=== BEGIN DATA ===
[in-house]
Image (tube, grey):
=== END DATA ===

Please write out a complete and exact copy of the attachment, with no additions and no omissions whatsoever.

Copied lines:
[in-house]
Image (tube, grey):